In war, a battle can be won or lost based on which side holds the high ground. Thus tiny differences in geography, shaped after millennia of rain, wind, and heat, come to mean life or death. This is true today of the Mount of Olives: two embittered foes vie for control over the place on which the Messiah is said to one day appear...
When I studied abroad in Jerusalem, I would often go on runs around my campus on Mount Scopus (Har Harzofim), the tallest peak of the ridge that makes up the Mount of Olives. The most beautiful part of my run was always at one particular outlook that looked eastward, towards the arid Judaean hills and Jordan River valley. I often would take a break to stop and pray, enjoying some quiet time with God among the olive trees.
|The slope on the east side of Mount Scopus. Isawiyya is off-screen on the left, and Al-Tur is near the center-right of the frame (Berg, 2011).|
|The dramatic landscape makes it a popular stop for tour groups (Berg, 2011).|
The panorama at this point was much different from earlier on the run, which overlooks the congested, dirty Palestinian village of Isawiyya. Isawiyya, while technically in East Jerusalem, falls under strict Israeli regulations and building codes designed to keep suffocate the Palestinian population of the city. Isawiyya is cut off on one side by the 10-foot tall concrete wall Israel constructed to impede suicide bombers. One of the two checkpoints into Isawiyya was recently closed, adding 20 minutes to any Palestinian worker's commute to Jerusalem. Palestinians cannot build new houses, or build additional floors. Thus Isawiyya, like the nearby town of Al-Tur, is rampant with overcrowding, garbage, and illegal construction (together the two towns have approximately 30,000 inhabitants).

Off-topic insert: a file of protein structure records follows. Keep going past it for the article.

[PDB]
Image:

|On the left, the modern Hebrew University of Jerusalem. On the right, in the valley, the dirty Isawiyya slum (Berg 2011).|
|Isawiyya as seen from Mount Scopus on Nakba Day (Berg, 2011).|
Human rights organizations both in Israel and abroad protest the Israeli government's ban on Palestinian construction, while countenancing the illegal construction of Jewish settlements on private Palestinian territory. They had argued for years for the rights of Palestinians to build on land they owned on the eastern slope of Mount Scopus. However, last week, the Jerusalem city government declared all that privately owned Palestinian land to now make up a national park.
|View from Isawiyya looking west up to Mount Scopus. You can clearly make out additional land Palestinians could build on, and there is much more land out of frame off the left side of this photo (Sheikh Jarrah Solidarity, 2011).|
|A map of the proposed national park plan.|
The war over this tiny slice of land on the eastern slope of the Mount of Olives is representative of Israel as a whole: tiny pieces of land are ultimately so much more than that. They can mean peace or war, life or death. This seems to be a theme for Israel: infinite value packed into just a couple of square miles. The Temple Mount. The Valley of Meggido. And the Mount of Olives.
One day, Jews and Christians believe, the Messiah will descend upon the Mount of Olives. It shall split in two, and a river will flow between the halves eastward to the Dead Sea. Tradition says dead will be raised and follow the Messiah into Jerusalem. He Messiah will usher in a new age of justice and peace, and all the evils of humans will be reversed. I hope that those who have control over Mount Scopus and the Mount of Olives will remember this, and therefore deal justly with its inhabitants. Every person's actions will be judged, and only those who have treated their neighbors with love will be able to stand. Thus, I believe the Israeli government should reverse its decision and instead allow Palestinians to build on the eastern slope of Mount Scopus.